Art Theatre

1878 Purchase Street,
New Bedford, MA 02740

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This neighborhood theatre had been known as the Casino Theatre when there was a policy change instituted in the late-1940’s that lasted until about 1951, judging from ads in the New Bedford Standard-Times.

It became an art house that presented very carefully selected films, usually British, Italian, French. The management must have been very fond of classical music and opera because many operatic and other serious music films were presented. They would occasionally be augmented by a live vocalist or other (local) artist. The programs ran for one week only. There was one evening show and a matinee on Thursdays and Sundays. Ads described the place as being “your intimate cinema”. The whole affair looks to have been a true labor of love.

Any people with additional information on this place are encouraged to share their knowledge. I don’t believe that apart from this cinema there was ever any long-term art house in New Bedford.

Contributed by Gerald A. DeLuca

Recent comments (view all 10 comments)

Gerald A. DeLuca
Gerald A. DeLuca on April 21, 2005 at 10:22 am

Here are some of the films shown in the Art Theatre’s heyday during the 1949-1951 period. Note the emphasis on many movies with a classical music or operatic connection: Shoe Shine, To Live in Peace, Mad About Opera, La Traviata, The Red Shoes, The Stone Flower, Volpone, Saraband, To Live in Peace, The Mikado, Passionelle & Torment, Hamlet, Specter of the Rose, The Walls of Malapaga, Rigoletto, Don Quixote, Symphonie Pastorale, Die Fledermaus, Lucia di Lamermoor, Tight Little Island, Animal Crackers & The Informer, Spring in Park Lane, Quartet, The Astonished Heart, Eternal Melodies-The Life of Mozart (advertised as “our contribution to the Salzburg Music Festival”) & a short with Ezio Pinza called “Rehearsal”, Rembrandt, The Ghost Goes West, Devil in the Flesh, Grand Illusion, This Happy Breed, Devil’s Cargo & Elephant Boy, Il Trovatore, Monsieur Vincent, The Fallen Idol, Henry V, Loves of a Clown (Pagliacci), Five Men and a Woman & Alien for a Night, Intermezzo & Since You Went Away, Mr. Perrin and Mr. Traill & Miranda, The Glass Mountain, The Hidden Room, Passport to Pimlico, The Affair Blum, Salt to the Devil (a.k.a. Christ in Concrete), Faust and the Devil, Kind Hearts and Coronets.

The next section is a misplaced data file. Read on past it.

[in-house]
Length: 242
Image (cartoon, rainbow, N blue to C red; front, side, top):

rsalters (Ron Salters)
rsalters (Ron Salters) on May 5, 2006 at 9:57 am

There is a MGM Theatre Photograph and Report form for the Casino Theatre at 1878 Purchase St. in New Bedford, with a facade photo dated May 1941. It had a very fancy facade with a canopy over the sidewalk and a vertical sign above. To its right were 3 large old wood-frame houses. The Report states that the Casino was not a MGM customer, that it was over 15 years old, that it was in Poor condition, and had 700 seats, all on one floor.

Gerald A. DeLuca
Gerald A. DeLuca on October 13, 2007 at 1:27 pm

An article in the New Bedford paper described the October 7, 2007 opening of the Orpheum theatre for a “rope light tour.” In it some of the history of the ownership of the Casino is referred to.
READ HERE

Gerald A. DeLuca
Gerald A. DeLuca on June 24, 2010 at 6:50 am

Item in Boxoffice magazine, December 30, 1950:

“The Art Theatre, New Bedford, operated by Irving Conn the last few years, has been taken back by owner Henry Tobin, who will continue its art policy.”

Ron Newman
Ron Newman on June 25, 2010 at 7:15 am

What is now at this location?

Gerald A. DeLuca
Gerald A. DeLuca on June 25, 2010 at 8:21 am

Looks like a garage next to a residence. You can use Google Maps, type in the address, take it to street level, swivel, and see images of all that is around. Can’t pinpoint where the theatre was.

Ron Newman
Ron Newman on June 25, 2010 at 8:36 am

I’ve never been able to tell from Google Maps whether I’m pointing at the even or odd side of a street, though.

Silicon Sam
Silicon Sam on June 25, 2010 at 9:28 am

About all I do in that case Ron, is find a business or two in the immediate area, Google them to get their exact address, and go from there. Occasionally addresses change. An old theater may be 431 Main St, but the new business in the same old building may use 433 Main St, as an example.

TLSLOEWS
TLSLOEWS on June 30, 2010 at 2:27 pm

Sometimes the google maps will tell you what is at that address now,but of course it does not in this case.And a SiliconSam states sometimes the address change anyway.

rsalters (Ron Salters)
rsalters (Ron Salters) on November 16, 2010 at 1:27 pm

As the Casino, this theater is listed in the 1927 Film Daily Yearbook, with 600 seats open daily.

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